The Flame: See the Light (1970)

 |   |  2 min read

The Flame: See the Light (1970)

Even during their lifespan there were always records which were attributed to the Beatles. The suggestion was that they might put out a single anonymously just to see if it would chart -- or there were the famous bootlegs of "the Beatles with Bob Dylan".

After they broke up in 1970 there were any number of rumours that they had reformed under an assumed name. The most famous was Klaatu in 1976 whose self-titled album appeared on the former Beatles US label Capitol. 

Klaatu might have disappeared if it hadn't been for a Rhode Island DJ playing an album track and people phoning in to ask if it was the Beatles. As with the "Paul is dead" rumour, things took off from there and people scoured the album cover and songs for clues.

The album sold 300,000 copies in eight weeks, doubtless spurred on when an Australian DJ said this was the missing Beatles album entitled Sun, and if you played the track Sub Rosa Subway (a parody of the McCartney album Red Rose Speedway?) backwards and at different speeds and tweaked the sound through filters this message could be heard: "It's us, the Beeeeeatles". 

Mysteriously no names were credited on the album and Capitol said they'd never actually met the band, the tapes were brought in by their manager Frank Davies, who refused to deny it was the Beatles. As he would.

Klaatu -- whose identitles were later reveaaled -- went on to release five albums, and that mysterious debut sprung the minor hit Calling Occupants of Interplanatery Craft for the Carpenters.

But years before Klaatu another band briefly enjoyed this "is it them?" story.

The Flame's See the Light b/w Get Your Mind Made Up had people wondering aloud: it certainly sounded like the Beatles from their Daytripper period and the vocals were a little McCartney-like. Then there was that ending which suggested Hello Goodbye . . .

Again in the absence of much information people speculated.

Listened to today it is clearly not the Beatles, but that didn't matter when rumour fuelled the discussion.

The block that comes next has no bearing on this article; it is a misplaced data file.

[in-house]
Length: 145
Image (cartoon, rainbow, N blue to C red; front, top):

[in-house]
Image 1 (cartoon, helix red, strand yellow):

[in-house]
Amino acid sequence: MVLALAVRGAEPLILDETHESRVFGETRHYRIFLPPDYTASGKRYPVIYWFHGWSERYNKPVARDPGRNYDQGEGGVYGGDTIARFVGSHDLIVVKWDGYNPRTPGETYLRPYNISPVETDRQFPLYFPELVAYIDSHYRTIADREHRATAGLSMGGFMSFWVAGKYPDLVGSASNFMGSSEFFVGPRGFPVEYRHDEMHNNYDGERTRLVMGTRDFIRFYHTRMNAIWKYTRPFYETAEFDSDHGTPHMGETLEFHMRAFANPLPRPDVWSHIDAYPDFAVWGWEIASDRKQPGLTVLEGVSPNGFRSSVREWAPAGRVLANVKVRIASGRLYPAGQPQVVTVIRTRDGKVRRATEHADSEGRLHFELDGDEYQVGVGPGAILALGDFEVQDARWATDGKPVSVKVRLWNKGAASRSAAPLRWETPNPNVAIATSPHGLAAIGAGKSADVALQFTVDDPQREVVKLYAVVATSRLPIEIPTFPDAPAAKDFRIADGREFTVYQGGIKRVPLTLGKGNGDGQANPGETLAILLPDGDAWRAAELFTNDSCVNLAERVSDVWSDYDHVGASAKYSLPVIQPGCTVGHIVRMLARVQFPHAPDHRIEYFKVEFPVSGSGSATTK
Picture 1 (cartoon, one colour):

Ironically Flame (who enjoyed no subsequent career) had an interesting story in themselves: they were from South Africa (where they were The Flames) and their drummer was voted the best in the country. They moved to London in '68, were picked up by Beach Boy Carl Wilson who produced their See the Light single and sole album . . . and they broke up.

Two of them -- that drummer and the singer -- joined the Beach Boys' touring band.

The singer was Blondie Chaplin who has for many years been one the Rolling Stones' backing singers . . . and the drummer?

Well, he was Ricky Fataar who has become a well-known session musician, has worked in the production or co-production end with Crowded House, Jenny Morris and others, is in Bonnie Raitt's touring band and -- here is the amusing irony -- was Stig O'Hara (George Harrison) in The Rutles film and on the soundtrack played guitar, sitar, drums and sang.

So not quite a Beatle, but definitely just one step removed. 

For more oddities, one-offs or songs with a backstory see From the Vaults

Share It

Your Comments

post a comment

More from this section   From the Vaults articles index

The Archies: Sugar Sugar (1969)

The Archies: Sugar Sugar (1969)

Okay, it's irritating rot-your-teeth bubblegum . . . but wait, there is more to this than you might think -- and remember it came out in the year of Altamont, Hendrix, the Manson murders and so on.... > Read more

Buckner and Garcia: Pac-Man Fever (1982)

Buckner and Garcia: Pac-Man Fever (1982)

Few things guarantee a short career more than a gimmick song cashing in on some pop culture trend. There were dozens of songs about hula hoops in the late Fifties (one even by the great Teresa... > Read more

Elsewhere at Elsewhere

Jeff Healey: Last Call (Stony Plain/Southbound)

Jeff Healey: Last Call (Stony Plain/Southbound)

When the singer/blues guitarist Jeff Healey first emerged in the late Eighties there were two critical camps set up: those who heard him as a fiery young player in the tradition of a Stevie Ray... > Read more

Slowdive: Slowdive (Dead Oceans/Rhythmethod)

Slowdive: Slowdive (Dead Oceans/Rhythmethod)

We’ve said it before but it does bear repeating: there seems to be a (welcome) return of shoegaze . . . and when we essayed the absolutely terrific retrospective box set Still in a Dream... > Read more